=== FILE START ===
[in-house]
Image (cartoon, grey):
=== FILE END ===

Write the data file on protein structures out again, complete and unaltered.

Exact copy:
[in-house]
Image (cartoon, grey):